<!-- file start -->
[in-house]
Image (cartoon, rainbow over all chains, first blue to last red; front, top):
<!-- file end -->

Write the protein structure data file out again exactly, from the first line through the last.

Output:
[in-house]
Image (cartoon, rainbow over all chains, first blue to last red; front, top):